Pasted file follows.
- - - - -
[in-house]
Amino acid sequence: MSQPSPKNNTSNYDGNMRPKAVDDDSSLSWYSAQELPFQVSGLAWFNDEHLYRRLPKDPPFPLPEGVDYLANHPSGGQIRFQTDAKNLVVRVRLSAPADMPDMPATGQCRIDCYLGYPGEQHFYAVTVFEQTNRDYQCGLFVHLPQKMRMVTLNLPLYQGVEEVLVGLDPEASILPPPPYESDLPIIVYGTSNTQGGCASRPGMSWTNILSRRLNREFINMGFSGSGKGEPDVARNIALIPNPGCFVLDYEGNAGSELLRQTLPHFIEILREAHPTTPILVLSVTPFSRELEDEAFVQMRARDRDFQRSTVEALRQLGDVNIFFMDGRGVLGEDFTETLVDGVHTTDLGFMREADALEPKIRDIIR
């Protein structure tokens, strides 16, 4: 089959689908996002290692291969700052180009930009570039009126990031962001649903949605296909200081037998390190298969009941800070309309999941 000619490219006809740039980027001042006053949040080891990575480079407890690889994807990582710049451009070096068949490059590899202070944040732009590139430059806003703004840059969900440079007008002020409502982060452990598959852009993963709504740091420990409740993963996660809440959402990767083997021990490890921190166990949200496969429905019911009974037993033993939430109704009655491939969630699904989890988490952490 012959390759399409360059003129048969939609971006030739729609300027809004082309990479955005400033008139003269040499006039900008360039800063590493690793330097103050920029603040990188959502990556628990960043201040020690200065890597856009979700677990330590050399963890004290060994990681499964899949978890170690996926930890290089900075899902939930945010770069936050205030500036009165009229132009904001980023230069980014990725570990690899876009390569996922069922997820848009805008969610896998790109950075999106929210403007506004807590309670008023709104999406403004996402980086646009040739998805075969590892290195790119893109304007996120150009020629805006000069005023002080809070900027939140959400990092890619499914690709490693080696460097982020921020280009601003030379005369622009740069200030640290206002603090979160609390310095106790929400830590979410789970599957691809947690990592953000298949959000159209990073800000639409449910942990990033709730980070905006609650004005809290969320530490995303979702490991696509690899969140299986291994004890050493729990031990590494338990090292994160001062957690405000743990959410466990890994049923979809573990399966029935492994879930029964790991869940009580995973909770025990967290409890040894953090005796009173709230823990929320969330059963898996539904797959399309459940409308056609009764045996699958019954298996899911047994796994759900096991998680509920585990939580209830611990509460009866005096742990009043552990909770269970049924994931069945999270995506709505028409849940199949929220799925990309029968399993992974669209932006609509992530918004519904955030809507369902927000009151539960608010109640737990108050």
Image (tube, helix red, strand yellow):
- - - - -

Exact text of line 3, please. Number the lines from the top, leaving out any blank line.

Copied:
């Protein structure tokens, strides 16, 4: 089959689908996002290692291969700052180009930009570039009126990031962001649903949605296909200081037998390190298969009941800070309309999941 000619490219006809740039980027001042006053949040080891990575480079407890690889994807990582710049451009070096068949490059590899202070944040732009590139430059806003703004840059969900440079007008002020409502982060452990598959852009993963709504740091420990409740993963996660809440959402990767083997021990490890921190166990949200496969429905019911009974037993033993939430109704009655491939969630699904989890988490952490 012959390759399409360059003129048969939609971006030739729609300027809004082309990479955005400033008139003269040499006039900008360039800063590493690793330097103050920029603040990188959502990556628990960043201040020690200065890597856009979700677990330590050399963890004290060994990681499964899949978890170690996926930890290089900075899902939930945010770069936050205030500036009165009229132009904001980023230069980014990725570990690899876009390569996922069922997820848009805008969610896998790109950075999106929210403007506004807590309670008023709104999406403004996402980086646009040739998805075969590892290195790119893109304007996120150009020629805006000069005023002080809070900027939140959400990092890619499914690709490693080696460097982020921020280009601003030379005369622009740069200030640290206002603090979160609390310095106790929400830590979410789970599957691809947690990592953000298949959000159209990073800000639409449910942990990033709730980070905006609650004005809290969320530490995303979702490991696509690899969140299986291994004890050493729990031990590494338990090292994160001062957690405000743990959410466990890994049923979809573990399966029935492994879930029964790991869940009580995973909770025990967290409890040894953090005796009173709230823990929320969330059963898996539904797959399309459940409308056609009764045996699958019954298996899911047994796994759900096991998680509920585990939580209830611990509460009866005096742990009043552990909770269970049924994931069945999270995506709505028409849940199949929220799925990309029968399993992974669209932006609509992530918004519904955030809507369902927000009151539960608010109640737990108050």